Are Neobanks poised to stay in financial landscape?

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Neobanks have raised the concerns of the public everywhere in Europe. Revolut, N26, Nickel, Starling, Monzo etc. are already known as key players in the industry. Most of them have succeeded massive fundraisings and are quite close to announce new capital injections in the press or the launch of new products and services.

Despite impressive customer acquisition (more than 1 million customers for N26, twice much for Revolut…) none of these mobile-only neobanks have reached sustainable profitability[1].

Neobanks are still cash-burner companies and even if many of them are generously funded by venture capitalist or established commercial companies, they need to evolve if they expect to stay alive and last as key players on the banking scene.

In this article we will check if Neobanks are equipped to stay or not.

[1]       In December 2017, Revolut was the first digital challenger bank to claims to have reached the break-even despite a yearly loss of 16 million €. Since then and despite an impressive client base growth of more than 8.000 units per days, balance go back in the red again.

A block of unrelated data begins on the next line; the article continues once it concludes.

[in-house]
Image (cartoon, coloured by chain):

Summary

  • Are Neobanks poised to stay in financial landscape?

    • A word about definitions

  • Neobanks growth factors, why they are here to stay...

    • Innovation will continue

    • Neobanks are Fintech

    • Younger generations love them

    • The Service offer will upscale

    • Professionals will be enlisted

    • More breadth and depth

    • PSD II and Open Banking will sustain the growth

  • Neobanks may face tough time because…

    • Disappearances and consolidations cannot be avoided

    • Innovation is limited

    • The Brexit could stop the European expansion

    • Good Customer experience is hard to build and harder to maintain

    • Reputation is a double-edged asset

    • Being Online only may be insufficient to maintain strong customer relationship

    • Transparency has its limits

    • Incumbents are not dead

  • Conclusion


The Author

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Geoffrey Laloux, has 19 years’ experience in digital transformation. He worked mainly for European Institutions and for Telecoms or Medias companies before joining the Banking sector with Initio in 2015 as manager in charge of the Business Line Innovation and Digital Transformation.

geoffrey.laloux@initio.eu